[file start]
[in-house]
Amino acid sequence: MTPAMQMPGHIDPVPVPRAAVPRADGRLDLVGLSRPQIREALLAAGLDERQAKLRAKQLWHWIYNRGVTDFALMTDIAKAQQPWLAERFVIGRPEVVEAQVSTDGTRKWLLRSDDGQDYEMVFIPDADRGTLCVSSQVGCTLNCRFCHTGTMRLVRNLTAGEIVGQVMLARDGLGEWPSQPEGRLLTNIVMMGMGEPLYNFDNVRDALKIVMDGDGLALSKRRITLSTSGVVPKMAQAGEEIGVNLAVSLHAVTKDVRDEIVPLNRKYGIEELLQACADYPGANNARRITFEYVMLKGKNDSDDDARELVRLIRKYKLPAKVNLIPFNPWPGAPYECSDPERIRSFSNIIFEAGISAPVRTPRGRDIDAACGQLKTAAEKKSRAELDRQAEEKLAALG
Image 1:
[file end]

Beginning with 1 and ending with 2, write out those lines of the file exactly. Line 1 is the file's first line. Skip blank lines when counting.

[in-house]
Amino acid sequence: MTPAMQMPGHIDPVPVPRAAVPRADGRLDLVGLSRPQIREALLAAGLDERQAKLRAKQLWHWIYNRGVTDFALMTDIAKAQQPWLAERFVIGRPEVVEAQVSTDGTRKWLLRSDDGQDYEMVFIPDADRGTLCVSSQVGCTLNCRFCHTGTMRLVRNLTAGEIVGQVMLARDGLGEWPSQPEGRLLTNIVMMGMGEPLYNFDNVRDALKIVMDGDGLALSKRRITLSTSGVVPKMAQAGEEIGVNLAVSLHAVTKDVRDEIVPLNRKYGIEELLQACADYPGANNARRITFEYVMLKGKNDSDDDARELVRLIRKYKLPAKVNLIPFNPWPGAPYECSDPERIRSFSNIIFEAGISAPVRTPRGRDIDAACGQLKTAAEKKSRAELDRQAEEKLAALG